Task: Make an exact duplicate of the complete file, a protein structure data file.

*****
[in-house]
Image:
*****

[in-house]
Image: